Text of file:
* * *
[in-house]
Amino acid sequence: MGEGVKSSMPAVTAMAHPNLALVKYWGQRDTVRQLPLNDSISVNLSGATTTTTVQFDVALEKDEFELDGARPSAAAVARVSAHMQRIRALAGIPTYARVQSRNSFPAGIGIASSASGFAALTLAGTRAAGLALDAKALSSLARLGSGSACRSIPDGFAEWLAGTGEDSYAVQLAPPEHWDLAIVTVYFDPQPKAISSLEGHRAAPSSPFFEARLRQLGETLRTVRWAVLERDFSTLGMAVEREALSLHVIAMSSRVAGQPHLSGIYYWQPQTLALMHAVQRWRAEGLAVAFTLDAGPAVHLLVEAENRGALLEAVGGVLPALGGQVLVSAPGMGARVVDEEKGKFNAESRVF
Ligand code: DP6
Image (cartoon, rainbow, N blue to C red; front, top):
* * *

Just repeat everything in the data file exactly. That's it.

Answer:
[in-house]
Amino acid sequence: MGEGVKSSMPAVTAMAHPNLALVKYWGQRDTVRQLPLNDSISVNLSGATTTTTVQFDVALEKDEFELDGARPSAAAVARVSAHMQRIRALAGIPTYARVQSRNSFPAGIGIASSASGFAALTLAGTRAAGLALDAKALSSLARLGSGSACRSIPDGFAEWLAGTGEDSYAVQLAPPEHWDLAIVTVYFDPQPKAISSLEGHRAAPSSPFFEARLRQLGETLRTVRWAVLERDFSTLGMAVEREALSLHVIAMSSRVAGQPHLSGIYYWQPQTLALMHAVQRWRAEGLAVAFTLDAGPAVHLLVEAENRGALLEAVGGVLPALGGQVLVSAPGMGARVVDEEKGKFNAESRVF
Ligand code: DP6
Image (cartoon, rainbow, N blue to C red; front, top):